Amplio Fitness recognizes these gaps of care and begins to remedy them. From preferred names and gender pronouns on our intake forms to specific Gender Affirmation Fitness and Nutrition Programming, we seek to reclaim wellness spaces for our community. We are a queer founded and led organization working to dismantle the systemic inaccessibility to wellness that we face. 

For more information, please visit our website: https://www.ampliofitness.com/ 

My business is called Amplio Fitness, located in Rocky River, Ohio. We are a wellness studio dedicated to increasing accessibility for the LGBTQ+ community. Currently, we are able to provide personal training, nutrition coaching, and Jikiden Reiki sessions (both online via. Zoom and in-person). Our mission is to reclaim wellness accessibility for marginalized communities by providing a safe space for clients to explore what wellness means to them and receive guidance and support to achieve their goals.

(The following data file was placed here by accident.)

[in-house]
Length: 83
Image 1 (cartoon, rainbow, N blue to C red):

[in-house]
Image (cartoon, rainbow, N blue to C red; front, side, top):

Amplio Fitness 

FB: https://www.facebook.com/ampliofitness 

IG: @ampliofitness 

Belle Ursa 

IG: @truepersuasian 


Small Business Feature | Valerie Mayen of Yellowcake Shop

What country were you born in (if first generation, where is your family from?), and how long have you lived in Cleveland? 

I was born in Corpus Christi Texas in the United States, but my father is an immigrant from Guatemala City in Central America. He came to this country when he was 14 and became naturalized in the 80s under the amnesty act. My mother is of Mexican and Spanish origin. Though she is fair-skinned with auburn hair and freckles she is a full-blooded Latina.

I moved to Cleveland in 2002 from Corpus Christi Texas when I was 21. I’ve lived here for almost 19 years and counting.